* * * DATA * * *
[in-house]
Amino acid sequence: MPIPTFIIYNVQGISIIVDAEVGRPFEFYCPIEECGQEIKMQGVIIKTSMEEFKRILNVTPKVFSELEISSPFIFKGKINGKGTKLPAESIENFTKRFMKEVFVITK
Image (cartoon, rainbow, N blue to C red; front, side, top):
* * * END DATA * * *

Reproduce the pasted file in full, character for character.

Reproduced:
[in-house]
Amino acid sequence: MPIPTFIIYNVQGISIIVDAEVGRPFEFYCPIEECGQEIKMQGVIIKTSMEEFKRILNVTPKVFSELEISSPFIFKGKINGKGTKLPAESIENFTKRFMKEVFVITK
Image (cartoon, rainbow, N blue to C red; front, side, top):